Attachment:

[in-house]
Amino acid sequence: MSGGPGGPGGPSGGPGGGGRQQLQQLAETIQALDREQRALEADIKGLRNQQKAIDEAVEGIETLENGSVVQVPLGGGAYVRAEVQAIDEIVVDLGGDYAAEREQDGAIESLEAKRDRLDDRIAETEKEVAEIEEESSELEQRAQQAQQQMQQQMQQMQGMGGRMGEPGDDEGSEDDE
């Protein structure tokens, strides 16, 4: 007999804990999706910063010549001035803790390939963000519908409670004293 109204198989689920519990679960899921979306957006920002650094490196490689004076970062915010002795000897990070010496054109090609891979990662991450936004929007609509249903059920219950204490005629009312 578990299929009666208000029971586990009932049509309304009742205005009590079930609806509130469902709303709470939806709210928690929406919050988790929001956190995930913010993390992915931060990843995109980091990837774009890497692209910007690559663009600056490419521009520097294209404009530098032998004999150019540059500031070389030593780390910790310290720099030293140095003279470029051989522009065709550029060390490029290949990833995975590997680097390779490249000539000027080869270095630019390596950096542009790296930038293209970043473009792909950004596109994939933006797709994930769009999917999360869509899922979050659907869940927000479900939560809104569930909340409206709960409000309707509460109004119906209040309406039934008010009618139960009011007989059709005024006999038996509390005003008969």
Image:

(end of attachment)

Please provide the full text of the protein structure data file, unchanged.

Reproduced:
[in-house]
Amino acid sequence: MSGGPGGPGGPSGGPGGGGRQQLQQLAETIQALDREQRALEADIKGLRNQQKAIDEAVEGIETLENGSVVQVPLGGGAYVRAEVQAIDEIVVDLGGDYAAEREQDGAIESLEAKRDRLDDRIAETEKEVAEIEEESSELEQRAQQAQQQMQQQMQQMQGMGGRMGEPGDDEGSEDDE
């Protein structure tokens, strides 16, 4: 007999804990999706910063010549001035803790390939963000519908409670004293 109204198989689920519990679960899921979306957006920002650094490196490689004076970062915010002795000897990070010496054109090609891979990662991450936004929007609509249903059920219950204490005629009312 578990299929009666208000029971586990009932049509309304009742205005009590079930609806509130469902709303709470939806709210928690929406919050988790929001956190995930913010993390992915931060990843995109980091990837774009890497692209910007690559663009600056490419521009520097294209404009530098032998004999150019540059500031070389030593780390910790310290720099030293140095003279470029051989522009065709550029060390490029290949990833995975590997680097390779490249000539000027080869270095630019390596950096542009790296930038293209970043473009792909950004596109994939933006797709994930769009999917999360869509899922979050659907869940927000479900939560809104569930909340409206709960409000309707509460109004119906209040309406039934008010009618139960009011007989059709005024006999038996509390005003008969």
Image: